It is also possible that vitamin D deficiency is reflective of an overall poor nutritional status. People with schizophrenia have frequently been observed to have vitamin D deficiency with more than half of all patients also manifesting symptoms of osteoporosis, a condition that often necessitates vitamin D supplementation. The literature shows that the jury is still out regarding the applicability of vitamin D supplementation for schizophrenia patients, with numerous conflicting studies, including one randomized trial indicating an improvement in positive and negative symptoms as well as in the metabolic profile.13

However, in light of the rather large and growing body of evidence suggesting an increased risk of deterioration, psychological distress, and worsened prognosis during the pandemic coupled with the presence of medical and/or mental health morbidities, it would be sensible for psychiatric patients, especially those with preexisting deviations from baseline vitamin D levels, to consider vitamin D supplementation.

Vitamin D supplementation therapy, as a preventive, but not curative measure – one that is also low cost/high benefit – allows for the patient to be in a much better position from the perspective of her/his general health and nutritional status to tackle the ongoing psychosocial challenges of the pandemic and/or COVID-19 exposure.

Dr. Aman is a faculty member in the biology department at City Colleges of Chicago. She is a postdoctoral researcher at the International Maternal and Child Health Foundation (IMCHF) in Montreal; fellow, medical staff development, American Academy of Medical Management; and master online teacher (MOT) at the University of Illinois at Chicago. Dr. Aman disclosed no relevant relationships. Dr. Islam is a medical writer for the IMCHF and is based in New York. He is a postdoctoral fellow, psychopharmacologist, and a board-certified medical specialist. He disclosed no relevant financial relationships. Dr. Dhillon is a staff neurologist at Brigham and Women’s Hospital in Boston and is affiliated with Sturdy Memorial Hospital in Attleboro, Mass. He is on the speakers bureaus/advisory boards of Biogen, Bristol Myers Squibb, Genzyme, and Teva Neuroscience. Mr. Zaid Ulhaq Choudhry is a research assistant at the IMCHF. He has no disclosures. Dr. Zia Choudhry (Mr. Choudhry’s father) is chief scientific officer and head of the department of mental health and clinical research at the IMCHF. Dr. Choudhry has no disclosures.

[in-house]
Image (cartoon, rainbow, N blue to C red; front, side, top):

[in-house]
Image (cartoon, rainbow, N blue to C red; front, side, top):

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2. Charoenngam N and Holick MF. Nutrients. 2020 Jul 15;12(7):2097. doi: 103390/nu12072097.

3. Pinzon RT et al. Trop Med Health. 2020 Dec 20;48:102. doi: 10.1186/S41182-020-00277-w.

4. Hernández JL et al. J Clin Endocrinol Metab. 2021 Mar;106(3)e1343-53.

5. Martineau AR et al. BMJ. 2017;356:i6583. doi: 1136/bmj.i6583.

6. Walrand S. Sci Rep. 2021 Jan 21;11(1981). doi: 10.1038/s41598-021-81419-w.

7. Moan J. et al. Dermatoendocrinol. 2009 Nov-Dec;1(6):307-9.

8. Fabri M et al. Sci Transl Med. 2011 Oct 12;3(104):104ra102. doi: 10.1126/scitranslmed.3003045.

9. Slow S et al. Sci Rep. 2018 Sep 14;8(1):13829. doi: 10.1038/s41598-018-32162-2.

10. Berman R. “Study confirms high doses of vitamin D have no effect on COVID-19.” Medical News Today. 2021 May 4.

11. Menon V et al. Indian J Psychol Med. 2020 Jan-Feb;42(1):11-21.

12. Gloth 3rd FM et al. Nutr Health Aging. 1999;3(1):5-7.

13. Cui X et al. Mol Psychiatry. 2021 Jan 26. doi:10.1038/s41380-021-01025-0.